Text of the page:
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Obstet Gynecol. 2008 May;111(5):1045-52. doi: 10.1097/AOG.0b013e31816bbe85.

Female sexual function and pelvic floor disorders.

Author information

1
Department of Gynecology and Obstetrics, Johns Hopkins University, Baltimore, Maryland, USA. Vhanda1@jhmi.edu

Abstract

OBJECTIVE:

To investigate the hypothesis that pelvic floor disorders are associated with female sexual problems, independently of other related factors.

METHODS:

The study population included 301 adult women seeking outpatient gynecologic and urogynecologic care. Pelvic floor disorders were assessed with the Pelvic Floor Disorders Inventory-20 (PFDI-20) and the pelvic organ prolapse quantification examination. Sexual function was assessed with the Personal Experiences Questionnaire. Using ordinal regression analysis, we identified characteristics and conditions associated with decreased libido, infrequent orgasm, decreased arousal, and dyspareunia.

RESULTS:

Sexual function was poorer among 78 women (26%) without a current sexual partner than among 223 with a partner (P<.01). Among the 223 with a current partner, women with a high Pelvic Floor Disorders Inventory score were significantly more likely to report decreased arousal (P<.01), infrequent orgasm (P<.01), and increased dyspareunia (P<.01). A similar pattern was observed for the urinary, colorectal-anal, and prolapse scales of the Pelvic Floor Disorders Inventory, although some associations were marginally significant. Stage III-IV prolapse was significantly associated with infrequent orgasm (P=.02), but other sexual complaints were not more common with increasing prolapse stage.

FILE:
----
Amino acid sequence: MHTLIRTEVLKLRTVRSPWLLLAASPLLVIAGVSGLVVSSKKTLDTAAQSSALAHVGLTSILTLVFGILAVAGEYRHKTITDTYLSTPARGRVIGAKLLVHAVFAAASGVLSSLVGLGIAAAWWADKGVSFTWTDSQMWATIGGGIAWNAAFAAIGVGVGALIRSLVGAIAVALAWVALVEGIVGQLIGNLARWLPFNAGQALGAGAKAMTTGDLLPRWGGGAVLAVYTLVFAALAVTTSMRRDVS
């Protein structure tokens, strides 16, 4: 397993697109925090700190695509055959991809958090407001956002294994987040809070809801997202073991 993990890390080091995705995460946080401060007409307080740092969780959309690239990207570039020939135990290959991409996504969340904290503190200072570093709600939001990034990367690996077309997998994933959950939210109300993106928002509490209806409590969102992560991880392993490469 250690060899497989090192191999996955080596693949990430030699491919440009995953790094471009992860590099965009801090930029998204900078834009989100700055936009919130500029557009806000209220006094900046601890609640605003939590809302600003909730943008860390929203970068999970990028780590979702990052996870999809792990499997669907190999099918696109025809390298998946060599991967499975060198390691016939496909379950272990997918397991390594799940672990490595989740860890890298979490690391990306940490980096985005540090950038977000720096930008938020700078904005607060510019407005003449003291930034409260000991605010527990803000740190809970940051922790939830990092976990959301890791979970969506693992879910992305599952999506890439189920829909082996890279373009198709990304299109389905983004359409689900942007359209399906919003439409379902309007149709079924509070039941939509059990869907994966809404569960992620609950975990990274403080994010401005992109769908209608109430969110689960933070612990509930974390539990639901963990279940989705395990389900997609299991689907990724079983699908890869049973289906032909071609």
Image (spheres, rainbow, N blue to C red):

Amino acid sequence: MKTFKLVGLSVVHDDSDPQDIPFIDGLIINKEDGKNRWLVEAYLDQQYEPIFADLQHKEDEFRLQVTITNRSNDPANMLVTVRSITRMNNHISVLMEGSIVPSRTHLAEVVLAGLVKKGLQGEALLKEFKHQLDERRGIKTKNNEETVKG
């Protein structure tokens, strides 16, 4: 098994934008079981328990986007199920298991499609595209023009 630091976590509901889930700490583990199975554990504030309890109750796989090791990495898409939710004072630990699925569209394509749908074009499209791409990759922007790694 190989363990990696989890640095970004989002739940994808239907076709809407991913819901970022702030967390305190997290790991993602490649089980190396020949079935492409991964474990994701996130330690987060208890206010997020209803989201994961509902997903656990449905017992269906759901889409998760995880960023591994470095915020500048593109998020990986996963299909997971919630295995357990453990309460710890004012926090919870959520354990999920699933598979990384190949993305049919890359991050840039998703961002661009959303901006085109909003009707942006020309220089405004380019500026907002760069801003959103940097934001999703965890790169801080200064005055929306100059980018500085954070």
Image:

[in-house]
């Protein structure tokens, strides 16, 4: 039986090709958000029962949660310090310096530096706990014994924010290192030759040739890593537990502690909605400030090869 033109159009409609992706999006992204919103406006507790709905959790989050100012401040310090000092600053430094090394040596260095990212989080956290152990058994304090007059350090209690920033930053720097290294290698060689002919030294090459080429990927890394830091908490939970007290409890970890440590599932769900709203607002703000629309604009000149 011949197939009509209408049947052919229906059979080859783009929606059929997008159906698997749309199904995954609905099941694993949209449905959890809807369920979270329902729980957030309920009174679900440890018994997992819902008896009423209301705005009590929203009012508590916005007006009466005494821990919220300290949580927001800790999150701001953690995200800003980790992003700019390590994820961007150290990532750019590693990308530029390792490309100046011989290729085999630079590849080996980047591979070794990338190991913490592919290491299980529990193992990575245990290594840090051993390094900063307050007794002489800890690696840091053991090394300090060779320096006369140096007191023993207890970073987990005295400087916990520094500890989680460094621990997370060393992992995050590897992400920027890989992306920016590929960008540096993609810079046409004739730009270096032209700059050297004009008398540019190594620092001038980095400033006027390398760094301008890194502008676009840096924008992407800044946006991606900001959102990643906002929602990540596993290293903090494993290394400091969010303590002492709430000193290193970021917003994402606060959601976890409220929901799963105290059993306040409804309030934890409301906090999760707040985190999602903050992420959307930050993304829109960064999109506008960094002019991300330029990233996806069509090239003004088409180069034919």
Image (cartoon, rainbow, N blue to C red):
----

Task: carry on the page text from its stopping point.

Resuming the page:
CONCLUSION:

Pelvic floor symptoms are significantly associated with reduced sexual arousal, infrequent orgasm, and dyspareunia. We conclude that sexual function is worse in women with symptomatic prolapse but not in women with asymptomatic prolapse.

LEVEL OF EVIDENCE:

II.

PMID:
18448734
PMCID:
PMC2746737
DOI:
10.1097/AOG.0b013e31816bbe85
[Indexed for MEDLINE]
Free PMC Article
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